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Expanding Adoption Rights

The legal rights of women on adoption have been enlarged, but the adoption process needs deeper review.

Parliament recently passed the Personal Laws (Amendment) Bill, 2010 modifying two laws – the Guardians and Wards Act (GWA) of 1890 and the Hindu Adoption and Maintenance Act (HAMA) of 1956 – relating to the legal rights of women on adoption. With the amendment to the GWA, the mother of an adopted child will also now be legally recognised in non-Hindu communities as a guardian. And with the change to the HAMA, a married Hindu woman who is in the midst of divorce proceedings will be able to adopt or give a child in adoption with her husband’s consent. The parliamentary committee on law and justice had earlier unanimously recommended the bill, pointing out that personal laws cannot be excluded from the principles of gender equality and gender justice.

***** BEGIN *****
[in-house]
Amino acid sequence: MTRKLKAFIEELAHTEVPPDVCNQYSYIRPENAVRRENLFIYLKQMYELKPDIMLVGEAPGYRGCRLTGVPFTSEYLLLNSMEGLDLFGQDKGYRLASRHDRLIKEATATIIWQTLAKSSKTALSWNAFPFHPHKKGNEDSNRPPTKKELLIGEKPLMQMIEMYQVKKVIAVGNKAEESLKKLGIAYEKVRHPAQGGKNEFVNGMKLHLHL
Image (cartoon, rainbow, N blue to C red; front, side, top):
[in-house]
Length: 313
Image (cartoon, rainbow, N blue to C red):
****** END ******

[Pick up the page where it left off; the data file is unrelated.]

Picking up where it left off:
Adoption practices have witnessed a number of changes in the country, and for the better. The emphasis on adopting fair complexioned, male children and more importantly, the need to maintain secrecy, may not have disappeared but has lessened considerably. As adoption agencies testify, beginning with the late 1990s single women have been turning to adoption in larger numbers than before. The fact that HAMA permits single men and women to adopt children has been utilised lately by financially independent urban women.

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